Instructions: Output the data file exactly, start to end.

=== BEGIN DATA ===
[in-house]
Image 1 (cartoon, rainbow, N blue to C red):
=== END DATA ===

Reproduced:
[in-house]
Image 1 (cartoon, rainbow, N blue to C red):